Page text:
Heath encouraged the business to “give the tools to the super fans who have a network [of people who can be influencers]… tracking all value to [the artist] and their network is key”.

Rob Collins, Director of Cooking Vinyl, whose acts include Marilyn Manson, The Prodigy and Billy Bragg, suggested it was already possible to break new artists without wooing the traditional media gatekeepers like radio or magazines – so long as your act had an authentic message.

“You don’t have to rely on [radio] 100% to have a successful record,” he said. “That’s if you talk to the fan in the right way… especially if the artist can be really engaging.”

He added: “You get found out if it’s a dry record company message coming all of them time. They know it’s rubbish, that they’re just being sold.”

“You’ll get found out if you’re pushing a dry record company message all of the time.”

Rob Collins, Cooking Vinyl

His point was backed by Pledge’s Music’s Paul Barton who said: “The worst thing an artist can do is continuously sell – through their own social media or their own stores.

“Fans want to feel rewarded. They want to feel part of the overall story.

“Artists have to find the right balance for the type of artist they are. And that includes not talking! You don’t want to be selling your soul, ramming yourself down fans’ throats.

“It’s difficult, but you have to maintain a bit of mystique.”

Marillion manager Lucy Jordache has long worked with the British rock band, who are widely seen as pioneers in the direct-to-fan sector.

“We wanted to get on mainstream radio, but even in the eighties when Marillion were playing Milton Keynes Bowl, [radio gatekeepers] weren’t interested,” she explained.

From there the band started formulating a very close relationship with their fans.

“Once [band member] Mark Kelly realised the internet was going to be huge – before anyone else did – it became very important to the band to forge a relationship that said: ‘Come to us, stay with us and we’ll reward you.'”

Jordache advised artists and managers to “learn the right language with which to talk to your fans, and you will keep them loving you”.

D2C product specialist and retailer Townsend Music has worked with the likes of Noel Gallagher, The Pixies, The Prodigy.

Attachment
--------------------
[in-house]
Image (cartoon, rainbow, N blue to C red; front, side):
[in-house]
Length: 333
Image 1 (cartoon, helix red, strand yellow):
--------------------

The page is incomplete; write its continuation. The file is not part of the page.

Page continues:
Founder Martin Townsend gave particular praise to Manchester band The Courteeners, who ‘wouldn’t walk onto a Radio 1 playlist’.

He said: “The Courteeners get the price [of special direct-to-fan items] right, because they’re that type of band – a band of the people.”

He called on the music business to acknowledge that some consumers will always want to be served through a traditional retailer – and weren’t ready, or interested, in D2C.

“The one thing that hasn’t really happened yet is an effective, well-priced, well-run subscription model.”

Martin Townsend, Townsend music

“Some people will always go to iTunes, Amazon or the High Street – God bless ’em. Accepting that from our point of view [is important].”

He added” “The one thing that hasn’t really happened yet that artists will have to get their head round is an effective, well-priced, well-run subscription model [specially for fans of a certain artist].

“Yes, lots of people will buy a boxset for £300. But there are also plenty of people who’d be happy to spend £20 or £30.”

And Ticketmaster’s Sarah Slater explained that direct-to-fan wasn’t a phenomenon exclusive to the record industry.

“Generally, we’re seen as having the ideals of the promoter or venue in mind, but we actually have a dedicated artist services team at Ticketmaster,” she said.

“Their job is to look after the managers, labels and artists and what their interests are.

“Their interests might not be selling a ticket. It might be generating record sales, so we work on a lot of pre-sales stuff – ‘buy the album, get access to the pre-sale’ or add an upsell on there with merch or boxsets.

“We have access to 13 million customers at Ticketmaster and we can use tools that let us look at customer purchase habits; if they’ve bought from one artist they might be more likely to buy from another.”

She added: “For us, it about how we use that data on behalf of managers, artists and labels to really target those groups, like high ticket spenders, to help them.”

The next Cooking Vinyl Presents The Future Of… event takes place tonight (Feb 9) in London. Sadly it’s full – no tickets remain.

However, the next event takes place on Monday, March 7 and delves into the complicated topic of streaming itself, and how it’s rewarding artists and the music business.

Look out for details soon.Music Business Worldwide